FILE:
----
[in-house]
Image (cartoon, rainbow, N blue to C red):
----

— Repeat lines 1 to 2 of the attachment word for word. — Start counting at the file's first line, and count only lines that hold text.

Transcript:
[in-house]
Image (cartoon, rainbow, N blue to C red):